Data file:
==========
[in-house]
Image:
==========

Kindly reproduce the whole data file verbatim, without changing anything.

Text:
[in-house]
Image: